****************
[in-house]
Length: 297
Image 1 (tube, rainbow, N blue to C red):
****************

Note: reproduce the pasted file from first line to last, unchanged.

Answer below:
[in-house]
Length: 297
Image 1 (tube, rainbow, N blue to C red):